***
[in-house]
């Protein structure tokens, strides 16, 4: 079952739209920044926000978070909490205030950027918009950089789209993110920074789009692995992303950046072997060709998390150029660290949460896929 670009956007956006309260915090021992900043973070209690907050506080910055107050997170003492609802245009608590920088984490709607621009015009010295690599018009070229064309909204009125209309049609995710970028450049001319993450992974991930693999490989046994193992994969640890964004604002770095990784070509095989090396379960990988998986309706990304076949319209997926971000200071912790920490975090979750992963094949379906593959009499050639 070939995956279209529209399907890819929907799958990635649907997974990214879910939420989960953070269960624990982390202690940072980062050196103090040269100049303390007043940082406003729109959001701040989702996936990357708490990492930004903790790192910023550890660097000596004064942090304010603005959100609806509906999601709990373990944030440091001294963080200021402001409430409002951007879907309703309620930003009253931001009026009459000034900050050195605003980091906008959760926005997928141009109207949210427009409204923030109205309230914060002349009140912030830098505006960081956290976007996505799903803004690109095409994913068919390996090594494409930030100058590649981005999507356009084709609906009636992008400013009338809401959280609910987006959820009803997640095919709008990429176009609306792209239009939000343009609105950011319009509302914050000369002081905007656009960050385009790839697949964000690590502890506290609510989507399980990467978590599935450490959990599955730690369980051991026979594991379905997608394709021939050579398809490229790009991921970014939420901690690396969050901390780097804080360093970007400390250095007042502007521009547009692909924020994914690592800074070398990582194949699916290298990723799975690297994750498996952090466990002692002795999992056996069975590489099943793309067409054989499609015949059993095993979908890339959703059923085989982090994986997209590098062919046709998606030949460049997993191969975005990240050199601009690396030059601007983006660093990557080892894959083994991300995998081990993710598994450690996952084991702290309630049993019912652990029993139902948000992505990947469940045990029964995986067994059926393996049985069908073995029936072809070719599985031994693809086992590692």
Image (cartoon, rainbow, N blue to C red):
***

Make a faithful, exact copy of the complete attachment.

[in-house]
């Protein structure tokens, strides 16, 4: 079952739209920044926000978070909490205030950027918009950089789209993110920074789009692995992303950046072997060709998390150029660290949460896929 670009956007956006309260915090021992900043973070209690907050506080910055107050997170003492609802245009608590920088984490709607621009015009010295690599018009070229064309909204009125209309049609995710970028450049001319993450992974991930693999490989046994193992994969640890964004604002770095990784070509095989090396379960990988998986309706990304076949319209997926971000200071912790920490975090979750992963094949379906593959009499050639 070939995956279209529209399907890819929907799958990635649907997974990214879910939420989960953070269960624990982390202690940072980062050196103090040269100049303390007043940082406003729109959001701040989702996936990357708490990492930004903790790192910023550890660097000596004064942090304010603005959100609806509906999601709990373990944030440091001294963080200021402001409430409002951007879907309703309620930003009253931001009026009459000034900050050195605003980091906008959760926005997928141009109207949210427009409204923030109205309230914060002349009140912030830098505006960081956290976007996505799903803004690109095409994913068919390996090594494409930030100058590649981005999507356009084709609906009636992008400013009338809401959280609910987006959820009803997640095919709008990429176009609306792209239009939000343009609105950011319009509302914050000369002081905007656009960050385009790839697949964000690590502890506290609510989507399980990467978590599935450490959990599955730690369980051991026979594991379905997608394709021939050579398809490229790009991921970014939420901690690396969050901390780097804080360093970007400390250095007042502007521009547009692909924020994914690592800074070398990582194949699916290298990723799975690297994750498996952090466990002692002795999992056996069975590489099943793309067409054989499609015949059993095993979908890339959703059923085989982090994986997209590098062919046709998606030949460049997993191969975005990240050199601009690396030059601007983006660093990557080892894959083994991300995998081990993710598994450690996952084991702290309630049993019912652990029993139902948000992505990947469940045990029964995986067994059926393996049985069908073995029936072809070719599985031994693809086992590692």
Image (cartoon, rainbow, N blue to C red):